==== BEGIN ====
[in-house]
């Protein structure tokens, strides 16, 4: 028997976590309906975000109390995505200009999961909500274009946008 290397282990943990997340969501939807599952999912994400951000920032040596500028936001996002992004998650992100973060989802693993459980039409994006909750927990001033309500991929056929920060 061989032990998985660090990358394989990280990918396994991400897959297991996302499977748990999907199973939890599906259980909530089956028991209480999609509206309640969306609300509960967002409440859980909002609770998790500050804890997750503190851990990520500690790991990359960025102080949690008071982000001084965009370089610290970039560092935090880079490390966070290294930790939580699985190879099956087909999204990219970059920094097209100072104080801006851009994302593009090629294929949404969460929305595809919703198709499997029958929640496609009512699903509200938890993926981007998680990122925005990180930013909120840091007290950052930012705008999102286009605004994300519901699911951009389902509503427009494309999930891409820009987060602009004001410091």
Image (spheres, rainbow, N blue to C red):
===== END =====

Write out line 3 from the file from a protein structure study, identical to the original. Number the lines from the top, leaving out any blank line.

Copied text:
Image (spheres, rainbow, N blue to C red):